Remember this is not a race with a finish line, this is a marathon and just because someone is in the lead for a brief moment does not mean he will be in the lead in one time unit later (time unit being whatever, let's say a year is a time unit that is relevant)

The big deal though is not where Intel, TSMC, Samsung, etc is right this very second, but the fact that Intel is not in the lead with a complete node ahead of the competition. Right now they are neck in neck (via some counts), and some counts put Samsung and TSMC at a slight favorite but still within the margin of error... at this very moment of a temporary time.

And like I said before density is not the only thing you should judge a node by. The characteristics of the node from an electrical standpoint also matter and arguably these are things in TSMC and Samsung column as well from my understanding. Sure Intel may clock higher overall, but right now the market is not reward maximun ghz frequency with more revenue but instead other characteristics like better battery life, power efficiency in servers with clock speed vs power draw, and so on.
 
Mar 11, 2000
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#58
Sure Intel may clock higher overall, but right now the market is not reward maximun ghz frequency with more revenue but instead other characteristics like better battery life, power efficiency in servers with clock speed vs power draw, and so on.
I just returned my 7700K to buy a 7600, to decrease CPU temps and fan noise. In iMacs, the fan system is apparently the same regardless of the CPU used. The 7700K isn't a great one for all-in-one systems. The cooling system cools the 7700K just fine, but isn't exactly quiet when at max.

Too bad they don't sell the 7700 in the 27" size. That's what I might have bought.
 

StrangerGuy

Diamond Member
May 9, 2004
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#59
...And A11 is just 3 months away at the most. Even a mere 10% ST uplift from A10X is gonna smoke anything else in perf/W.
 
Mar 10, 2006
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#60
...And A11 is just 3 months away at the most. Even a mere 10% ST uplift from A10X is gonna smoke anything else in perf/W.
Yup. Interesting how A10X got such a nice single core perf boost mainly from going from 3MB shared L2 cache among two cores -> 8MB of L2 cache shared among three cores.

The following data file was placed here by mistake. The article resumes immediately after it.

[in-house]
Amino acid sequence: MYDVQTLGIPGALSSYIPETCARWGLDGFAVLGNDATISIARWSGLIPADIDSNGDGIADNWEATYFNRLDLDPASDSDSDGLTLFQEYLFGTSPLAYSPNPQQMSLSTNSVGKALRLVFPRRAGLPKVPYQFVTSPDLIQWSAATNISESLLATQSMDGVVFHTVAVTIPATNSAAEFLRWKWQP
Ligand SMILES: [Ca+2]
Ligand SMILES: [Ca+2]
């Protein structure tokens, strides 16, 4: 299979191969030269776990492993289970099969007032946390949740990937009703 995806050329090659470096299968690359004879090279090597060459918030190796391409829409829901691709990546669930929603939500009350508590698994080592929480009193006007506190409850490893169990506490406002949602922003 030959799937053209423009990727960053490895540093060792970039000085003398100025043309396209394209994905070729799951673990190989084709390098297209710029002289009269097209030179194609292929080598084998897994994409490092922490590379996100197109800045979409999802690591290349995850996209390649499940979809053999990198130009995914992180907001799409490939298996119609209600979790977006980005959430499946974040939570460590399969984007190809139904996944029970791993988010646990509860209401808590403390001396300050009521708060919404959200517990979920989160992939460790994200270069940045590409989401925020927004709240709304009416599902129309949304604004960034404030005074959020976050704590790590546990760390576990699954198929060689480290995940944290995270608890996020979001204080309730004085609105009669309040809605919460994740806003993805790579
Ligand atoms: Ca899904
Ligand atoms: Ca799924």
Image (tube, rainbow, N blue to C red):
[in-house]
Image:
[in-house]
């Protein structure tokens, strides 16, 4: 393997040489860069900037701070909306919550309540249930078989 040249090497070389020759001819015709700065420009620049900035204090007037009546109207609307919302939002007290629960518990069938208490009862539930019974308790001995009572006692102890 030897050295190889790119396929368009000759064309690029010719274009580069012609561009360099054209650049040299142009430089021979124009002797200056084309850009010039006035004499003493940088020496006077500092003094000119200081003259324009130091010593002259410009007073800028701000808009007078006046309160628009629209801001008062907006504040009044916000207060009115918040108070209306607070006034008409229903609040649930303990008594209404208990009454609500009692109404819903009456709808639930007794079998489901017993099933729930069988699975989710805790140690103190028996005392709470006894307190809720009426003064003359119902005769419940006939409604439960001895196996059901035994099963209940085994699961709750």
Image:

In single-threaded scenarios a single core has access to that big, fat L2 cache all to itself.
 

dark zero

Platinum Member
Jun 2, 2015
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#61
Current 10nm process from Samsung and TSMC are denser than Intel's 14nm and even more compared to the recent 14nm++. By the time Intel has proper volumen for their 10nm process node competition will move to their next "7/8"nm node.
The problem is that if someone reaches 7 nm EUV, is over for Intel since EUV is the real deal and is real 7 nm. How it performs is another story.
 

Lodix

Senior member
Jun 24, 2016
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#62
The problem is that if someone reaches 7 nm EUV, is over for Intel since EUV is the real deal and is real 7 nm. How it performs is another story.
SS/TSMC/GF are all targeting EUV to lower masks count and complexity of their processes at 2019. I don't think there is any "real" process since Intel will launch their 7nm process around 2020-21 and it will be denser than current "7nm".
 
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jpiniero

Diamond Member
Oct 1, 2010
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#63
SS/TSMC/GF are all targeting EUV to lower masks count and complexity of their processes at 2018.
I am not sure about SS, but GF and TSMC are not using EUV in their first iteration of what they are calling 7 nm.